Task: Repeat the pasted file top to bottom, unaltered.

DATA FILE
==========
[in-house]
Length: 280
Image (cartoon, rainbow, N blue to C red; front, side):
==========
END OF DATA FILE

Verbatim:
[in-house]
Length: 280
Image (cartoon, rainbow, N blue to C red; front, side):